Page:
Win for TV stations censured for covering Raila's protests

ezra chiloba

Communications Authority of Kenya (CAK) Director-General Ezra Chiloba during a press conference at Movenpick Hotel, Nairobi, on April 10, 2022.

Photo credit: Lucy Wanjiru | Nation Media Group

The High Court on Friday restrained the Communications Authority of Kenya (CA) from stopping TV stations' live coverage of demonstrations called by Azimio chief Raila Odinga.

The court cited a suit filed by the Law Society of Kenya (LSK), the Katiba Institute and journalists' unions, which it said raises serious issues.

The CA said the six TV stations - NTV, Citizen, K24, KBC, TV47 and Ebru Africa - violated the Programming Code during the coverage of opposition demos on Monday. It wrote to all broadcasters  asking them to ensure compliance.

Katiba Institute, a Kenyan civic rights promotion group, then wrote to the authority demanding revocation of the decision, saying the move was unconstitutional and a threat to the media's freedom of expression.

It filed a suit alongside the LSK, the Kenya Union of Journalists, Kenya Editor’s Guild, Kenya Correspondents Association and the Bloggers Association of Kenya.

In his decision on Friday, Justice John Mugwimi Chigiti noted that the case raises weighty and arguable issues against the CA and the Attorney-General.

“Upon perusing the application alongside the annexures, I find that the application raises an urgent and arguable case. It raises weighty issues that shall be heard and determined on merit at the appropriate stage should the court be appropriately moved,” said Justice Chigiti.

He directed the petitioners to furnish the CA and the Attorney-General with the court documents within 14 days, so that they can file their responses, and said the case will be mentioned on May 10 for further directions to be given.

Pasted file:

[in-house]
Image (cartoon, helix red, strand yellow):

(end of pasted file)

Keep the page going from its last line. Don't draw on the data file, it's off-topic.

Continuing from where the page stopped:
Through lawyers Lempaa Suyianka and Dudley Ochiel, the petitioners argued that the CA’s censure was aimed at limiting the freedoms of expression, information and the media. They also claimed violation of the rules of natural justice.

Urging the court to issue the interim orders, the lawyers said the matter was urgent because the CA had threatened revocation of broadcast licenses or broadcast frequencies of the media houses.

“The CA’s decision could have a chilling effect on media freedom, freedom of information and freedom of expression. Besides, the decision endangers life because it would enable the trigger-happy National Police Service to operate in darkness and police demonstrations without media oversight. The harm to the public interest is real: the urgency is self-evident,” said the lawyers.

The suit was occasioned by a letter by the CA Director-General Ezra Chiloba, claiming that six TV stations including NTV, Citizen, K24, KBC, TV47 and Ebru Africa violated the Programming Code during coverage of the demonstrations.

Mr Chiloba had alleged that the media coverage depicted scenes that could cause panic or incitement to the public, and threaten peace and cohesion in the country.

He asked all broadcasters to ensure compliance, saying it was "imperative all broadcasters exercise caution in live broadcast coverage to avoid scenes that would be detrimental to peace and cohesion".

"Take note that failure to adhere to the outlined obligations shall be acting in breach of license conditions, which shall attract liability under relevant provisions of the law including revocation of broadcast license or/and broadcast frequencies," said Mr Chiloba.

But the petitioners told the court that Article 34(2) declares that the State shall not “exercise control over or interfere with any person engaged in broadcasting, the production or circulation of any publication or the dissemination of information by any medium”.

They said the Constitution also provides that the State shall not “penalise any person for any opinion or view or the content of any broadcast, publication, or dissemination”.

“The CA’s decision violates the rules of natural justice under Articles 47 and 50 and section 4 of the Fair Administrative Act. None of the six media houses was heard on the decision to censure them,” they said.

“No reasons informed the decision because the CA refused to supply applicants with copies of the letters it alleged it had sent to the six media houses and with minutes or recordings of the CA meeting."

In addition, they said, the decision of CA was ultra vires section 46I of the Kenya Information and Communication Act, 2009.

The said section requires all broadcasters to “gather and present news and information accurately and impartially”; and “make reasonable efforts to present alternative points of view”, either in the same programme or in other programmes, within the period of current interest, when controversial or contentious issues of public interest are discussed”.